Muhammad Haroon Rashid was sentenced to 30 years in
prison on August 10, 2018 by 458th District Court Judge Kenneth
Cannata for Engaging in Organized Criminal Activity – and Rashid wasn’t even
there. The 62-year old Houston man plead
guilty in court on April 3, 2018, but failed to appear at a later court date in
June. Rashid’s bond was forfeited and a
warrant was issued for his arrest. The
case was then reset for the sentencing hearing on August 10th during
which the Court proceeded in Rashid’s absence.
According to Fort Bend’s
Chief Economic Crime Prosecutor, W. Scott Carpenter,
Texas law authorized the legal proceeding to continue in Rashid’s absence
because he appeared initially for the plea, through a process called “in
Gerald Dale Hendrix, also from Houston – and Rashid’s
partner in crime, appeared for all court dates and was sentenced to six years
The evidence revealed that Rashid and Hendrix preyed
on the business community from 2003 to 2013 through a series of deceitful schemes. The schemes involved the defendants promising
business loans or the sale of collector’s grade antique bonds for exorbitant
sums of money, if the victims paid the up-front expenses associated with the
transactions. 18 victims relied on
Hendrix’s promises and transferred more than 5 million dollars to Rashid. Rashid spent the money on a lavish lifestyle
in Mexico City; leasing hotel suites for months on end, and paying some of the
funds to Hendrix and other associates.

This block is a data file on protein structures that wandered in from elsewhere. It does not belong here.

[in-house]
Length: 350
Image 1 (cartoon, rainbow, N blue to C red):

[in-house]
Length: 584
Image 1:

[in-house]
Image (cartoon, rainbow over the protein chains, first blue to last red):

When Rashid and Hendrix’s promises to return the expense money did not
materialize, the victims filed civil lawsuits.
Some reported the matter to the Sugar Land Police Department, kicking
off an investigation that revealed 17 other victims being defrauded throughout
the United States during this ten-year period.
At the sentencing hearing, Judge Cannata commented on
the complete lack of remorse and assessed the maximum $10,000 fine and over
$4,000,000 in restitution against Rashid.
The defendant’s formal sentencing has been delayed pending his
arrest. He is believed to be in Miami,
“This prosecution demonstrates the reach of Texas law
to protect innocent victims not only in Fort Bend County, but in other counties
and states, who rely upon ostensibly honest business partners and are defrauded,”
“This prosecution also shows the eagerness of the
Fort Bend County District Attorney’s Office to investigate and prosecute
financial crimes,” said District Attorney John Healey, “and Carpenter enjoys
few things more than to give criminals an appropriate dose of justice.
Engaging in Organized
Criminal Activity is a first-degree felony punishable by 5-99 years or life in
prison and a fine up to $10,000. Attorney
Jeff Deason represented Hendrix. Rashid’s
attorney withdrew from the case after Rashid failed to appear in June.